Trying to converse, to make “nice, nice” through an interpreter, I glommed my eyes on his beady black eyes, and he stared piercingly back. He knew all about the Western custom of looking people in the eye. Contrary to protocol and polite usage, neither of us wanted to blink first, but I suddenly noticed a slight twinkle creep into his. I couldn’t help but smile a little and decided to do business with him. He had a sense of the absurd.

    We cut back our relationship with his principal competitor, an affiliate of Bank of America, and, although the pirate’s books were really “cooked” and no one on his staff was exactly a saint, we started working together. Ten years later, when I last saw him, the relationship was still going strong, and we had no need to play “eye” games.

    There is more to the story. In retirement, a few days after 9-11, I flew to London for a week to answer questions as a fact witness in legal proceedings involving the bankruptcy of the Bank of America affiliate, which had cost its creditors, including her majesty’s government, hundreds of millions of dollars.

  7. Jeanne Byington Said:

    What a story, Simon!

    You have some instinct. And you saved your employer a pile of money by moving away from the failed affiliate.

    I used to think that eyes said a lot about a person until I worked with an intern who had the dullest expression in his eyes making me think he was a dud. Surprise! He turned out to be brilliant and a lot of fun.

    I also discovered that my husband’s eyes may appear happy but his eyes don’t reveal how he’s feeling. Check out his mouth. Dancing eyes and straight [angry] mouth on returning home from an event means he didn’t have that great a time.

  8. RC-F Said:

    This is a fascinating topic, especially for teachers.

    I have learned that cultural differences make eye contact mean very different things. It can mean an insolent youngster staring back at an authority figure. It can mean challenging the adult you are looking at, it can mean putting yourself on the same footing as the authority figure…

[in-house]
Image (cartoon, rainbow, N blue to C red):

I had a student who would not look at me, or respond to my questions. When I asked her if she needed assistance or if she understood what I had said, she would mumble into her lap. I grew very concerned about her, and went to another teacher, an African American who had taught for many years. She was of mixed racial heritage. He explained that she could not look at me, could not express concern, confusion or ask a question because it was considered rude, you might get slapped in her culture if you did that, or worse. So I learned to talk to her without looking at her. I would look into the air just past her head, and she, I believe, did the same. We established communications that way, and with time, she relaxed and was able to learn and inquire and become proud of her learning.

    I have learned never to ask a student to look me in the eye.

  9. Jeanne Byington Said:


    I admire teachers for so many things–patience is only one characteristic on a long list as often so much needs to happen before learning begins. You beautifully described one instance that you elegantly addressed. What satisfaction you must feel.

    When someone looks me in the eye with an expression that my mother used to describe as: “Here’s the chip on my shoulder; just try and knock it off,” or with an insolent look in a situation in which responding in kind isn’t an option–such as for a teacher–response is a challenge.

  10. Martha Takayama Said:

    Eye contact can have varying degrees of impact on a variety of situations not just ones related to employment.

    There are certain cultural variances in what is considered polite or not.

    Eye contact also has broad social and even amorous implications, all of which vary according to regional and cultural norms.

    However, for practical reasons it’s reassuring to obtain, through eye contact, some sense of whether or how what you are expressing is being heard or received. Certainly teacher or interviewers can find it a useful tool of measurement of attention, comprehension, interest, and even respect. In everyday living eye contact can facilitate pleasant exchange or intimidate or deter if necessary. It can also be derisive.

    It is difficult to know what part of eye contact is the result of guidance, parental, academic, coaching etc., and what is natural. However, it is important to take into consideration any indication of visual limitations in any encounter, and to base judgment of a person or an episode on multiple factors, not just eye contact or lack thereof.

  11. Jeanne Byington Said:


    I agree it’s important not to base judgment on eye contact or lack of same, but my bet is in a job interview or the first time potential couples meet–introduced via or the like–it can make or break a future.

    We have a friend whose expression–wrinkled forehead along with questioning eyes–are huge clues he’s not getting what we’re saying or asking.